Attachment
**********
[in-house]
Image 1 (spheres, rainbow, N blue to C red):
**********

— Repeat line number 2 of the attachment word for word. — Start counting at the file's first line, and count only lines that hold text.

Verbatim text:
Image 1 (spheres, rainbow, N blue to C red):